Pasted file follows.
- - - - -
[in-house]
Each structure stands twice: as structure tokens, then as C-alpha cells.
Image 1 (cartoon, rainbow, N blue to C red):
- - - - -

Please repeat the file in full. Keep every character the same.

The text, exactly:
[in-house]
Each structure stands twice: as structure tokens, then as C-alpha cells.
Image 1 (cartoon, rainbow, N blue to C red):